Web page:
Stalled progress for Afghan women's rights

Taliban, instability impede advances, lead to setbacks

January 21, 2007|By Alissa J. Rubin | Alissa J. Rubin,Los Angeles Times

Kabul, Afghanistan -- Each morning, the policewoman puts on her uniform, goes to her precinct office, sits behind a bare desk. And waits.

She is one of several officers appointed to make it easier for women to report domestic violence. Her job ought to be one of the busiest in the district. Instead, Pushtoon, who goes by one name, has one of the loneliest.

"Last week we had one woman. Before that there had not been anyone for several weeks," she said, twisting hands left scarred by her attempt at suicide years ago in a Taliban jail. "Women are afraid to come, but we are not allowed to go to them.

"The police chiefs will not let us. They say it is unsafe for women officers," she said.

Five years after the end of the Taliban era, there are new opportunities for women in Afghanistan, and notable efforts are under way to make their daily lives better, especially in Kabul, the capital. Improving the status of women has been a core goal of U.S. policy here, and Secretary of State Condoleezza Rice said at a congressional hearing in 2005 that enshrining women's equality in the Afghan Constitution was an important advance for the region.

But conversations with dozens of women suggest that each step forward has been a struggle. Afghan society remains deeply uncomfortable with the idea of women gaining independence and authority. The Taliban's resurgence has reversed incremental gains, particularly in the south. If the Taliban incursions spread, more women are likely to lose ground.

Families in the south that recently began allowing their daughters to go to school and wives to enroll in vocational programs have pulled them out because of Taliban attacks.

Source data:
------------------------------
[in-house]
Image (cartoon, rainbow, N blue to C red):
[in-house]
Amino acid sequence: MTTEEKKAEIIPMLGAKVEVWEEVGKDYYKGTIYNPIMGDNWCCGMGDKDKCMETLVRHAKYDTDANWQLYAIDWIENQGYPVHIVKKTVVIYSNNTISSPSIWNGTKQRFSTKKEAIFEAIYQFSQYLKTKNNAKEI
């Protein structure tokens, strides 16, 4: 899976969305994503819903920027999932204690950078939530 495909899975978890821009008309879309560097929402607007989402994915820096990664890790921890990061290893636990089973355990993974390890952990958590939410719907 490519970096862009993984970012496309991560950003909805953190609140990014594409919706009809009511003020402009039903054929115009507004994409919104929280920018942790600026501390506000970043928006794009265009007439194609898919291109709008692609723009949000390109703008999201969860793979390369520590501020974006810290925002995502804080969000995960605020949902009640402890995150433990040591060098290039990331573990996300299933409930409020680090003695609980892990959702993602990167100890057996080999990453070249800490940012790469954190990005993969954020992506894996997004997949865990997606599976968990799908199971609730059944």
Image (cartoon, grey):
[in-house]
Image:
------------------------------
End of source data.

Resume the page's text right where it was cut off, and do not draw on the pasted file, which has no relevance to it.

Women's future depends much on security. As much as security deteriorates, women's situation deteriorates," said Masuda Jalal, former acting minister of women's affairs. "At the first sign of insecurity, the head of the family protects his women and children, and the first measure they take is to keep them inside the house."

Women who have gained ground haven't talked of the constitutional principles of equality. Instead, they focus on the respect accorded women by the Quran.

Their goal, often unstated, is to persuade fathers and brothers, husbands and sons that when a woman is empowered, the males benefit as well. They hope their daughters will at least have more choices than they had.

Women are learning to drive, some at their husbands' urging so they can help with family errands. Women have become a regular presence on television talk shows.

According to Farsona Simimi, a popular television talk show host, "There is a quiet revolution here." But, she added, "I do not know whether it will succeed."

Three times in the past century, the status of women has improved, only to suffer reversals.